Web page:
Payers routinely come up as one of the most significant roadblocks for provider organizations to make the switch to value-based reimbursement. Of course, each regional market and payer mix differs, but the general sentiment from executives was that payers are “dragging their feet,” as one executive put it. “They don’t want to work with us on these types of new care models,” the executive added.

One of the primary reasons is that when provider organizations move to a fully integrated, total cost of care model, then they can dictate the care delivery method. But, until that happens, provider organizations have to figure out how to care for the patient based on the rules and regulations of each payer.

4. Patient access is an important and key variable

Once organizations are financially responsible for maintaining the health of its patient panels, much of the ability to do so depends on the patients themselves. Are patients adhering to their care plans? Do they have access to care in the right setting when they need it? Are they getting care outside the network? Convenient access – whether through a physical location or via digital communication mechanisms – is such a crucial piece to keeping the costs of caring for patients low.

Some organizations are working to build their own urgent care and retail experiences for patients, or to extend hours, but wherever existing organizations have gaps, there will be “companies that come in and expose our gaps to compete with us.”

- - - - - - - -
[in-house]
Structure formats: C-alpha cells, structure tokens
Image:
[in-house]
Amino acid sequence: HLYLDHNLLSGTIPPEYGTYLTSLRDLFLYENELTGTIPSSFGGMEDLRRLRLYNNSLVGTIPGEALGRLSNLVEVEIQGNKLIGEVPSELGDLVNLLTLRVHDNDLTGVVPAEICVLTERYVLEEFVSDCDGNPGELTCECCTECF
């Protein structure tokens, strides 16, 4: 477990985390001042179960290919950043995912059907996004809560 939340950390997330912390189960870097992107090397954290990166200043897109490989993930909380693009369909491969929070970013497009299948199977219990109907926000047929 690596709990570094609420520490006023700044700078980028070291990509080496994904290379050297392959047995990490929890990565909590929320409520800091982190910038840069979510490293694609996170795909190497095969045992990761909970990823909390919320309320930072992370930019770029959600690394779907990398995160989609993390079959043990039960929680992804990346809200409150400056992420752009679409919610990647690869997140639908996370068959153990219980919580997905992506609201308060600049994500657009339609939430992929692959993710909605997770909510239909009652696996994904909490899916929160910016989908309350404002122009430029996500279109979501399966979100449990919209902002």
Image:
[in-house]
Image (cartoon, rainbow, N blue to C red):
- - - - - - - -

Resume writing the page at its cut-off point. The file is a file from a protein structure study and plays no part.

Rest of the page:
Further, by not reacting quickly enough and allowing disruptive entrants to the care delivery system, some executives view patient-friendly competitors as “fractionalizing what we are trying to pull together under our pop health strategies.”

5. When is the tipping point coming?

Though the majority in attendance acknowledged this particular moment in value-based health care is different from the managed care movement in the 90s, many were still skeptical of when the tipping point would come for the industry to fully shift from fee for service to fee for value. “When will the switch and market demand happen,” wondered one executive. “Are we just pushing out this switch every five years?”

For example, with the exception of fully capitated organizations (the Kaisers of the world), nearly all executives polled during these events said their organizations only have upwards of 20% of their reimbursements dependent on value-based contracts. In the next five years, three-fourths of attendees anticipate that number will only increase to around 40% of total revenue. Not exactly the groundswell of change being predicted.

To date, there has been no strong mechanism to move provider organizations off fee for service reimbursement.

It’s clearly still early days in the transition from fee for service to fee for value, but after convening these executives to hear their challenges and opportunities there is a lot of work left to do for provider organizations, payers, vendors and even patients if the industry is going to effectively lower costs and increase quality outcomes.

James Furbush is the Managing Editor of the Health Leadership Forum.

This article was originally published on athenahealth’s Health Leadership Forum.